Howie McCausland, Waitsfield, an advanced-EMT and crew chief with the Mad River Valley Ambulance Service has been named the 2022 EMS for Children Champion of the Year by the Vermont Department of Health.
Per the Department of Health, the award recognizes an individual that exemplifies outstanding dedication and service to the contribution, development and/or enhancment of EMS for children in Vermont.
Merrill Pine, who is the EMS for children’s program manager for the Division of Emergency Preparedness, Response and Injury Prevention for the Vermont Department of Health, said that she and many other co-workers had been working on the state’s COVID response during the pandemic.
“A lot of my response had been rallying other pediatric high performance CPR instructors in the community to pick up the slack. Howie is someone who, whenever I reach out asking for help teaching, he is one of the first to respond offering to help and if he is not, it’s because he’s already on shift or doing some pediatric high performance CPR for some training or doing training in his own district,” Pine said.
“We were getting high demand for our training and Howie ended up running multiple sets of teams. He led a couple for me and then taught some for me. He even bought his own manikins and, of course, he didn’t want to be reimbursed. He just wanted to serve his community,” Pine added.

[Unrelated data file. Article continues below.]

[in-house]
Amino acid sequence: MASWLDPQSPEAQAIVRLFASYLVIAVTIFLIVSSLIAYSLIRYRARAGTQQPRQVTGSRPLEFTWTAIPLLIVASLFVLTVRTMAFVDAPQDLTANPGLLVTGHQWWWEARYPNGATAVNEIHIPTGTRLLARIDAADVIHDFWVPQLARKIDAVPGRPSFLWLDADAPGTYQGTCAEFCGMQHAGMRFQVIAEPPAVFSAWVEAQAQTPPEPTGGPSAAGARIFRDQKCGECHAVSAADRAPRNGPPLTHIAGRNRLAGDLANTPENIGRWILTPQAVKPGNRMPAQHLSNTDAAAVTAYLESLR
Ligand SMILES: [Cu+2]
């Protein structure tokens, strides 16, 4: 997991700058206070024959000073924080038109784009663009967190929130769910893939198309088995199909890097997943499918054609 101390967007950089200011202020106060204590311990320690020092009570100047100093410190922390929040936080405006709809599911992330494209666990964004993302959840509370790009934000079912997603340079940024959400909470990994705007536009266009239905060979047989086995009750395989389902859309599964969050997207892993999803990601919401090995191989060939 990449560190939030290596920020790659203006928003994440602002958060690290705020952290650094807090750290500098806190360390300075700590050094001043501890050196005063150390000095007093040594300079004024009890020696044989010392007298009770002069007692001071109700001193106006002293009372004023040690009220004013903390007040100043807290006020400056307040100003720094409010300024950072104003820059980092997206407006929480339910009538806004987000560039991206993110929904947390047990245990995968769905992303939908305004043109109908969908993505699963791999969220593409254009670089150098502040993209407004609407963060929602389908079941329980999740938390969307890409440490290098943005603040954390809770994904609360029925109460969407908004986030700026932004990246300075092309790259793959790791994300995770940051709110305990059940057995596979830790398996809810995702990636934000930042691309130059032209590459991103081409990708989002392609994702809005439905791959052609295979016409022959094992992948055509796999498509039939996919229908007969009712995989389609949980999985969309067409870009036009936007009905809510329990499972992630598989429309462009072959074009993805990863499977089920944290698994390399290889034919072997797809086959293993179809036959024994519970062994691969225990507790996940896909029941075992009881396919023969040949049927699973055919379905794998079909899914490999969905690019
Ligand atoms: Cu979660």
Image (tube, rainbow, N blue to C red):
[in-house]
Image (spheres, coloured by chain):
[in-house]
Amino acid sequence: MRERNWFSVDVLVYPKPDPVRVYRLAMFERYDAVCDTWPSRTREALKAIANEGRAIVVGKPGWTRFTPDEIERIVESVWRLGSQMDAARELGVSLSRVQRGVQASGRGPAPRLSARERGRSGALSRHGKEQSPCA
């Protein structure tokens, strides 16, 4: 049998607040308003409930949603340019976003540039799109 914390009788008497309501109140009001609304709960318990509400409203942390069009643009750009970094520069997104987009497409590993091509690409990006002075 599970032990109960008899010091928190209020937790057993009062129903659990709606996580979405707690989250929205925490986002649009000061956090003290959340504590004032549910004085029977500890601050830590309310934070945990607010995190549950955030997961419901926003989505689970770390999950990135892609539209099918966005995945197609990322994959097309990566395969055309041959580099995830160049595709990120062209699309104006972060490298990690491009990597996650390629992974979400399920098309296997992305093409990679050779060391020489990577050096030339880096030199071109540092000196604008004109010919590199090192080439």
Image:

She said that the child-sized manikins for pediatric high performance CPR (which is a way of delivering CPR to adults and children that emphasizes teamwork to deliver continuous compressions to ensure blood reaches the brain while still providing rescue breaths) are very sensitive and that McCausland was incredibly patient when working with people, teaching them how to deliver CPR, often taking the time to explain it multiple ways for people to make sure they understand it.
Pine explained that in Vermont, EMS response includes aboutr 70% volunteers to meet the state’s 911 calls and said that “Howie goes above and beyond because he makes sure that other providers are ready to respond. Even when he’s not on a call, he’s still making a difference,’ Pine said.
The award announcement praises McCausland’s work on the training team where he trains others in pediatric high performance CPR.
“He is always willing to volunteer evenings and weekends to help teach his fellow providers. Howie went so far as to purchase his own manikins in order to reach a larger portion of the Vermont EMS community. In the words of another pediatric high performance CPR instructor,‘Howie is so completely on the ball, and I learn stuff every time I work with him. I would follow Howie’s lead anywhere.’ In addition to supporting pediatric high-performance CPR Howie works with the protocol workgroup and is a crew chief w ith Mad River Valley Ambuluacne service,” the award announcement noted.